In light of that failure, Kennedy introduced a bill that would become the National Research Act. Although it is often portrayed as a landmark reform, the National Research Act was actually a watered-down political compromise. It established the National Commission for the Protection of Human Subjects of Biomedical and Behavioral Research–a temporary body with purely advisory power–and delegated the oversight of medical research to local peer-review committees (IRBs) of the sort already in existence. It also endorsed a patchwork of federal guidelines governing research that has come to be known as the Common Rule. Yet as depleted as the National Research Act was, it still marked a significant improvement on the status quo.

As far as I can tell, there is no written record of Nixon’s opinion on the National Research Act. On July 12, 1974, the day Nixon signed it into law, newspaper headlines were dominated yet again by Watergate. The House Judiciary Committee had just released 3,888 pages of damning evidence of the Nixon White House’s abuses of power. Later that day, John Ehrlichman, a top Nixon aide, was found guilty of four criminal charges. According to Woodward and Bernstein’s The Final Days, Nixon boarded Air Force One at 4 pm that day to take refuge at his private estate in San Clemente. It would be just over three weeks before he resigned in disgrace.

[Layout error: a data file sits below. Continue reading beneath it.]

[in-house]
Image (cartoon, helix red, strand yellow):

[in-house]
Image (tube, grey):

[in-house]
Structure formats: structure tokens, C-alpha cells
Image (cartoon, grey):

The evidence suggests that when Nixon signed the National Research Act into law, he had other pressing matters on his mind. In fact, it is entirely possible that he gave it no thought at all. Yet it is not impossible that he endorsed the act. Nixon was nothing if not complicated: a shy, socially inept man who chose a life in the public eye; a rabid anti-communist who established diplomatic relations with China; a conservative who expressed racist views in private yet desegregated more Southern schools than any other president. I would like to imagine that he approved.